Cardio For BeginnersPetra Kolber
Year Released: 2008
Categories: Floor Aerobics/Hi-Lo/Dance
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Others have already posted very detailed and helpful descriptions of the content of this video, but I wanted to chime in and rave a little too. I consider myself to be a high beginner/low intermediate and am just getting back into regular fitness activities after a long period of sporadic, on-again/off-again workouts.
The two 10-minute and two 20-minute segments can be programmed to play in any order or combination. The 20-minute segments give a nice workout in a time crunch because I feel as though I've done SOMETHING but I don't feel beat afterward. The 20-minute dance cardio is pure fun, and the 20-minute athletic cardio is both well put together and the most intense of the segments on this video, relatively speaking. I'll echo another reviewer's comment and mention that it is very easy to modify the intensity of the cardio moves (up or down).
The shorter 10-minute segments are pleasant add-ons to the 20-minute segments but in and of themselves don't get my blood pumping that much. That said, the 10-minute segments are great warm-ups for other, longer workouts.
The only downside is that I really wish there were separate warm-up and cool-down segments. This would make it easier to put together a workout from multiple segments and keep the intensity more consistent. Most of the time I only play one of the 20-minute workouts for this reason, and when I want a longer workout I use a different video. Even so, I reach for this one often.
I adore Petra Kolber. She is cheerful and motivational without seeming fake or forced. In this workout she is much more of the "do what you're ready to do today" persuasion than the "come on, push yourself" style of other instructors, but she gently pulls you along anyway. Her cueing is very clear and easy to follow. Finally, I recently learned that Petra is a long-term cancer survivor - what an inspiration!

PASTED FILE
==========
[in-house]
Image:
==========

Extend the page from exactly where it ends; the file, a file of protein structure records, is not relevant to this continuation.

Iím reviewing this workout after doing it twice.
General workout breakdown: Sundari, Denise, and Donna have already described this workout well. Iíll give some nitty gritty details for anyone who wants to know a little more.
I agree with the others that I would have preferred a short warm-up in a separate chapter, especially since the warm-ups are so similar. Still, even the longest warm-ups (2-3 min. in the 20 min. segments) arenít that long, so itís not a big deal to me.
As mentioned, each segment builds up into one big combo. Petra will usually teach a few steps together at a time, and then youíll TIFT (take it from the top, or run through what you know from the beginning). Sheíll often do a few reps of a step (for example, youíll march up for steps, do a wide march for a four-count, then shake your hips four times), so youíre not rushing from one move right into another right into yet another. Most everything is done symmetrically, or the same amount on the right or left, but not all parts are; itís not that confusing, however, the way she puts it all together.
- Athletic Cardio (10 min.), which runs almost 10.5 min., begins with a short warm-up of very simple moves like a step tap, alternating between just the feet and adding in the arms. The moves for the combo include walk up with a knee, step tap with lateral raise, hamstring curl, v-step, grapevine, little squat, diagonal side lunge, heel dig, knee lift, and a double tap. This ends with a wide march with a few deep breaths.
Petra seems to intend this one to be the first you do, because she introduces her background exercisers, explains that you can always come back to marching, and demonstrates how adding arms boosts the intensity. But then it is the first one listed on the menu.
- Dance Cardio (10 min.), which runs about 11 min., begins with marches and hips, deep breaths and shoulder rolls. The moves for the combo include walk it up, march with feet wide, hip shakes, grapevine, reach & throw down, walk it back, mambo, slow box step, v-step, and stroll w/ attitude. This also ends with a few seconds of marching and some deep breaths.